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MIAMI — Al Blades Jr. always knew he’d be back with the Miami Hurricanes, but after his 2020 season was cut short his brief time away from the field has made him appreciate the game of football more.
Blades missed Miami’s last three games of the 2020 season after being diagnosed with myocarditis, which is inflammation of the heart muscle and a potential complication from COVID-19.
When the doctor gave him his diagnosis and he realized he would have to be out for three months, the fourth-year cornerback didn’t know what to think.
“I kind of just blacked out,” Blades recently said to the South Florida Sun Sentinel during a meet-and-greet event at Pilo’s Tacos in Wynwood for children with intellectual and physical disabilities. “Someone who plays football their whole life, you tell them you can’t play, you just don’t know.”
Unlike an injury, Blades said he didn’t have to go through any treatment or rehab for the myocarditis.
He simply had to rest, which in many ways for him, was the most challenging part in addition to having to watch the Hurricanes play without him.
“You’re telling someone who’s one of the most active people on the team to sit down,” Blades said, “and that was hard for me.”
Blades said that he found himself “disengaged” for a while after his diagnosis, but what helped him keep his emotional and mental wellbeing steady while being away from football was the community he had on Twitch, a streaming service focused on video game live streaming and broadcasts video game competitions.
After the name, image and likeness (NIL) legislation went into effect at the beginning of the month, Blades announced that he’s sponsored by Hyper X, which is a company that makes headsets and other gaming equipment.
In his Twitch bio, he says he wants to be a full-time streamer after he’s done playing football.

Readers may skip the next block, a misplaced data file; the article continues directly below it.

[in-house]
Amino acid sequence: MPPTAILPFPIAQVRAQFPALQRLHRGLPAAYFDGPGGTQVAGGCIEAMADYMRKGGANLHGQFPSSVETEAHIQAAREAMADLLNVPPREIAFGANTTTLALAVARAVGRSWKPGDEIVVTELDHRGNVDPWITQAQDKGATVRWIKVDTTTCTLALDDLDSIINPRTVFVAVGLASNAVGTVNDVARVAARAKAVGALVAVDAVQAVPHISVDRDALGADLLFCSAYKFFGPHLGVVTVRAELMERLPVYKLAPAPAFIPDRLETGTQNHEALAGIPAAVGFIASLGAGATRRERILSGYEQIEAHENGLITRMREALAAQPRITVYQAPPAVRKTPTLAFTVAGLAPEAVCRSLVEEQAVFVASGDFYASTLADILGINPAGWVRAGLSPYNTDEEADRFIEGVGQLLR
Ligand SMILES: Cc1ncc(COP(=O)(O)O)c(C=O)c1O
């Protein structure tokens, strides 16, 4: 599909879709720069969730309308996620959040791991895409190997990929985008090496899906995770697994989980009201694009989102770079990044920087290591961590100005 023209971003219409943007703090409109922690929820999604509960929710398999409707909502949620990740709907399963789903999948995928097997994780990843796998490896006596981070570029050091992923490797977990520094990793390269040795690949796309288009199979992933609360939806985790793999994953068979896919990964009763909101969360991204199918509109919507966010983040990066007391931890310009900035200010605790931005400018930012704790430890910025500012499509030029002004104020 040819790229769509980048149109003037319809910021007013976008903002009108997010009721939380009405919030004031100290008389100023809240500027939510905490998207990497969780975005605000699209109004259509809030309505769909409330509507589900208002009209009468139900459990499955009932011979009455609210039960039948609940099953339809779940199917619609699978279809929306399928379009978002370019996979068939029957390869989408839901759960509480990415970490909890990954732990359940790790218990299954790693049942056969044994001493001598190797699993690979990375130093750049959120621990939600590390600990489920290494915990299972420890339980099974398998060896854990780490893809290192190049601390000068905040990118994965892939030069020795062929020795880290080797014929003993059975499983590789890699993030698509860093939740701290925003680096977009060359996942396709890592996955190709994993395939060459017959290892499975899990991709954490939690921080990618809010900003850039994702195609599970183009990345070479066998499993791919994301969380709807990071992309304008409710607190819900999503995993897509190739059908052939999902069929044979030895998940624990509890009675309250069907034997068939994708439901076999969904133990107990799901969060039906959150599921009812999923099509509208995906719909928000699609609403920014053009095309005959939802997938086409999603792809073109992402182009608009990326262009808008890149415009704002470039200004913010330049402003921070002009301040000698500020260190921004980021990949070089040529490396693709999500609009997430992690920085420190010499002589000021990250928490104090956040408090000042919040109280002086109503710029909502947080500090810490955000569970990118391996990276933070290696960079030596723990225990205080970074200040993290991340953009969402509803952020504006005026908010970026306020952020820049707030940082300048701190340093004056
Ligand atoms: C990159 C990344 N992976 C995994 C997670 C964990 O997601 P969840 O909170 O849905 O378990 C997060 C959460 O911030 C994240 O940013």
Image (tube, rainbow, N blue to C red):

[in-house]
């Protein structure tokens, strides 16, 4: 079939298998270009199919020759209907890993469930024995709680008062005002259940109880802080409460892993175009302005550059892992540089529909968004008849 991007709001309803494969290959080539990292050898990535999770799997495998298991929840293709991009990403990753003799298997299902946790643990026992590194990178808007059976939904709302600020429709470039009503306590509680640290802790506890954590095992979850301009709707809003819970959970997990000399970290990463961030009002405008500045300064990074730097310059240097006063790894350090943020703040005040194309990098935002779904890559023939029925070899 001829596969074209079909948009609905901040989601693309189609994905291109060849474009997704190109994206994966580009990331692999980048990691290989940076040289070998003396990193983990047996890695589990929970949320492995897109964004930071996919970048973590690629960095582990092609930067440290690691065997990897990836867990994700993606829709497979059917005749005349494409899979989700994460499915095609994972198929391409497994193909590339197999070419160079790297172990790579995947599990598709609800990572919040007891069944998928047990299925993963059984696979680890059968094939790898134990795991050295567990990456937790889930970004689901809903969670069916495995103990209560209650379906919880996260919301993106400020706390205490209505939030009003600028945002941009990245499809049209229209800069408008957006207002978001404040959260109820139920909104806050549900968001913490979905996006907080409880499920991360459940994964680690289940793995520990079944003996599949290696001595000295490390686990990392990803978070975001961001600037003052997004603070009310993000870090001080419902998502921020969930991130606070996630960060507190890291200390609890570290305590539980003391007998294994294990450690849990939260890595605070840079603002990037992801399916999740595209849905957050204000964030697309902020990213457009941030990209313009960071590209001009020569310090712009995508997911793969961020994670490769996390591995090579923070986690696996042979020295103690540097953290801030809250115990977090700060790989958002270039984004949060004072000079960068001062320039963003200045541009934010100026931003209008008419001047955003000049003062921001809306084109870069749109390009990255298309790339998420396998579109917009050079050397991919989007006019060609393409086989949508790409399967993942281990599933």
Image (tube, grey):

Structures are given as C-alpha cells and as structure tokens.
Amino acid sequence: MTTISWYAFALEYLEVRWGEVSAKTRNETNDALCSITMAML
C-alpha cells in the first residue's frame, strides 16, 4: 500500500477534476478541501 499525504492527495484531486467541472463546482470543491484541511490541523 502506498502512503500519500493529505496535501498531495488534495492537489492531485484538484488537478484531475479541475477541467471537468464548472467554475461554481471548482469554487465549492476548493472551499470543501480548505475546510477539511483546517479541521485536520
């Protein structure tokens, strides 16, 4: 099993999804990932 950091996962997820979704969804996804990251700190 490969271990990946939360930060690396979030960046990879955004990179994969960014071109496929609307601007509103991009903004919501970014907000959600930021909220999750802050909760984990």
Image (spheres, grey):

“They’re kind of like my outlet the same way I’m their outlet, so it’s like two-way relationship,” Blades said. “My community has kept me afloat ever since.”
“It’s just all about us being together and building a community where everyone can be themselves and smile.”
Blades said he plans to release a video on his YouTube page where he’ll further discuss the emotional journey he went through after being diagnosed with myocarditis last winter and sustaining a stress fracture earlier this year.
“It lets you know anything can be taken away at any moment,” Blades said. “Got to enjoy it while you got it.”
After going through spring camp and the summer focusing on his conditioning, Blades said he’s “great” and “strong”, mentioning that he weighs 194 pounds after being listed at 188 pounds last season.
Blades finished 2020 with 29 tackles, seven pass breakups and two interceptions through eight games.
But with those two interceptions coming in Miami’s second and third games of the season. He knows people are looking for him to record more takeaways.
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“People’s biggest complaint about me is that I don’t catch enough interception[s],” Blades said, “so we’re going to do that.”
And he hasn’t put a number on the number of interceptions he’s hoping to grab this year.
“Sky’s the limit,” Blades added. “We’re going to see what we can do.”
Blades added: “Every down counts. Every down, every play counts. I’m taking every game personal.”
Blades, along with Miami football players Lou Hedley, Clay James, D’Eriq King and Ryan Ragone took photos, played games, tossed footballs and signed autographs with Pilo’s employees with “special abilities” and kids from organizations that help children with disabilities such Best Buddies, Gigi’s Playhouse and Our Pride Academy at the meet-and-greet.
In a news release, Pilo’s said it was one of the first hospitality groups to partner with collegiate athletes during the NIL era.